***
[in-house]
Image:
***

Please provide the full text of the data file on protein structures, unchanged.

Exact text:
[in-house]
Image: